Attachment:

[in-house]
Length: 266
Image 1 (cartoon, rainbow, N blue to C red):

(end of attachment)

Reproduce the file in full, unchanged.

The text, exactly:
[in-house]
Length: 266
Image 1 (cartoon, rainbow, N blue to C red):